Wine Talk

Snooth User: zufrieden

What's your Every Day Wine?

Posted by zufrieden, Nov 13.

Don't be shy now... I don't always drink classified growths, the best boutique wines of California, Washington or Oregon or even fine Champagne every night.  Price is part of the equation, I suppose, but "rightness" or "fit" seems more apropos.  A modest Riesling, a Viognier from Provence, or a good quality (but modestly priced) A. C. Bordeaux will do nicely for me... even a Prosecco over something more dignified like Veuve Clicquot. How about you?

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Reply by zufrieden, Nov 13.

Last night it was Vouvray - although a slightly upscale - though popular - number from Champalou.  I am not a fan of Chenin Blanc generally, but it is an everyday wine for many - especially those examples (which can be very good if very dry) from South Africa (known traditionally as Steen).  California jug wine generally has its share of this grape as well, and some jug wines are quite drinkable - especially if you are at a party and just want the presence of warm grapy scents and tastes to accompany your appetizers.

Not much below 10 dollars I'd drink in the USA or Canada (especially not in Canada), but there are a few nice reds and whites in the 10 dollar (US) range from Provence (e.g. Paul Mas).  I'm sorry to say that I have not had many truly inexpensive US wines of late as they tend to give me a headache if I have more than one glass.  Sulphites?

Z.

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Reply by rckr1951, Nov 13.

Reds are mostly my everyday drinker - from there I'm rather psycho - I can't pick one until I'm into the dish I'm cooking or eating.

Usually in the price range of $20 unless guests are involved.

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Reply by RandyFisher, Nov 14.

Mostly reds for me, my wife drinks only white. I usually buy in the $15-$20 range and drink broadly. CdR, Zin, Syrah, Barbera, Pinot Noir, Tempranillo mostly.

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Reply by EMark, Nov 14.

Oops.  Posted in the wrong place.

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Reply by vin0vin0, Nov 14.

We've been enjoying a really nice Burgan's albarino that pairs well with just about anything this side of a ribeye. It has that hint of sea air, crisp acid and sells for <$15 at my local winestore.

 

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Reply by jackwerickson, Nov 14.

Like the above I drink reds 90%of the time, my decision is usually based on what I am cooking. I try to plan two day meals so whatever wine I choose will serve me for two meals. Most of my wines are Italian,southern Rhône’s ,Bordeaux average price $20

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Reply by EMark, Nov 14.

I don't have a regular "everyday" wine.  Mostly, I suspect, because I rarely buy more than two bottles of a given wine.

Usually, "everyday wines" around here are ones that just don't cost very much--usually, less than $20, but I'll occasionally pull out a $40 wine on a whim.  I'll usually think harder about ones that cost more than $40.

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Reply by zufrieden, Nov 14.

I'd have to admit that I don't really have an everyday wine as such - although, if not too, too dear, I'll always go for a good Premier Cru Chablis or even just a decent generic Chablis from a reputable producer (white).  There are also many cheaper alternatives in the under twenty dollar range in white Cotes du Rhone blancs that would satisfy, as well as many from Roussillon much further afield from the Bouche du Rhône.  I can't seem to find anything from North America cheap enough and consistent enough to go to with regularity.  I keep looking though.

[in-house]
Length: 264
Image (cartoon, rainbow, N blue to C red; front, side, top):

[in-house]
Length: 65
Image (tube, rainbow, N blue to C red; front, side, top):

A red "go to" would be Hahn Pinot Noir or any number of Bordeaux A. C. such as Chateau Bonnet, Pey la Tour (reserve, non reserve), or La Gorce.

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Reply by GregT, Nov 23.

Whatever we feel like, although I have a feeling that is about to change. I put in some auction bids and ended up with a LOT more Zinfandel than I ever dreamed I would want, so I have a feeling that my go-to wine over the next year is going to be Martinelli Jackass Vineyard Zin. I mean it's good and all, but I've been drinking a lot more Austrian reds as well as reds and whites from the Loire, so it's kind of like having a little Maltese dog and bringing a Great Dane into the house.

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Reply by vin0vin0, Nov 24.

Greg, those Jackass Zins tend to the high end of alcohol spectrum, would very much like to get your impressions when you get around to cracking one open.

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Reply by zufrieden, Nov 27.

I'd have to say that, in the main, it is usually just my wife and I plus a friend or two, so we steal down to the modest cellar (ever depeleting) and just go by feeling - just as some of you do yourselves.  I usually will go for a mid-range Bordeaux, Burgundy, or Rhone (any colour - depending a little on food chosen or the time of year, as we've discussed elsewhere), but may spring for something from any country depending on whether adventure is on the menu.  

As for Zins, they can be marvelous if you want an explosion of fruit and, all too often, alcohol.  But then, everything depends on the mastery taking place in the winery.  I like the Zin to be big bold and boisterous (if that is imaginable) and well able to take on wild game or barbequed fare.  Not a wine I fancy on its own, and since I have not been drinking this variety of late, I cannot conjure up a particular bottle for superlatives.  But as I said, there are very fine Zins.  And the story of the grape - how it got to California in the first place - and where it originated is an interesting story in and of itself.


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